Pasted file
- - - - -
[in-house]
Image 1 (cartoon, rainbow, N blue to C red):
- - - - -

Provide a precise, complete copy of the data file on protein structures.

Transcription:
[in-house]
Image 1 (cartoon, rainbow, N blue to C red):